If you cannot see your door size within standard or non-standard sizes, give our helpline a call to discuss your requirements and we’ll be able to offer some guidance. If you’re also in the market for internal doors, you can view our UK door sizes and conversion chart for more information about interior door measurements. Moreover, you can view our guide to standard door frame sizes in the UK to make sure you have the right external door frame for your new exterior door.

It’s also worth noting that door pairs and garage doors have specific requirements when it comes to size. For door pairs, you will need exact measurements to avoid overlapping or gaps when they are fit into a double door frame. For garage doors the sizes differ, meaning you will need to look at separate sets of garage door sizes to find the right door for that entrance to and/or from the house.

Popular garage door sizes are as follows. If you do need a larger or smaller door, check out our range of garage doors at Door Superstore or contact our customer service team for further advice.

Metric door sizes (mm) Imperial door sizes (inches)Imperial door sizes (ft and inches)
1981 x 2134
Shop this size
78" x 84"6'6" x 7'0
2134 x 2134
Shop this size
84" x 84"7'0 x 7'0

Which external door is best?

An external door does not just include the standard, plain front door. As we’ve already mentioned, an external door could also be a glazed french or patio door. Other external doors include:

  • Shed doors
  • Garage doors
  • Wooden gates
  • Stable doors
  • External sidelights
  • Composite doors

The question of which is the best will depend on the use of your external door. However, if we’re only in consideration for a typical front door, then look to external wooden doors, composite doors and external sidelights. It’s also important to know that even though wooden doors are used for external purposes, hollow wooden doors are not advised. This is because they can be a risk to security as they can be easily broken. So solid-core wooden doors are recommended to improve the prevention of a break-in.

For some inspiration, check out our Front door ideas that will transform your home!

How to fit an external door

The fitting of an external door will depend on the type of external door you want to install. Whether you’re fitting a new external door or you want to know how to replace an external door, you can find out more about fitting external doors through the following guides:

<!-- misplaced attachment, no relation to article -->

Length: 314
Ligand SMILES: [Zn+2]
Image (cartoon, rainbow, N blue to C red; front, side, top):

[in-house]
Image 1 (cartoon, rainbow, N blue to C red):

You can also find out what things you will need to do to maintain an external door via our guide on how to maintain internal and external doors.

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How to replace a glass pane in a wooden door

Regardless of whether the glass is damaged, discoloured or you simply want a new pane, replacing just the glass within a wooden door is not only crucial for appearance and safety; it also comes with its benefits. Here are just some of the reasons why:

You can save money

If the glass on your external door is the only feature to have been damaged, replacing the glass alone means you’ll be shedding the cost that may come with replacing your external wooden door entirely. So you can keep the main faces of the door in place without having to remove or affect the structure in its entirety.

Less complicated than a full wooden door replacement

Replacing a wooden door can not only be a financial burden but also a complicated one. With a full door replacement, you would need to think of getting the right size door, how you’re going to dispose of it and in some cases even get new door keys cut. It can also be a lengthy process as you’re focusing on replacing the whole door and not just one aspect. If you do decide to replace the whole door, you also risk having to deal with a door that has broken glass for a longer period which can be a hazard to those entering and exiting the property.

Most modern windows have up-to-date manufacturing

The style and manufacturing methods of many windows or panes have changed over the years. If your window is of an older model, then it may be out-of-date in terms of its style as well as the risk of common faults such as drafts, leaking, cracks, condensation and more. By getting new glass panes, you can choose to have better-performing windows that could also support the insulation of your property.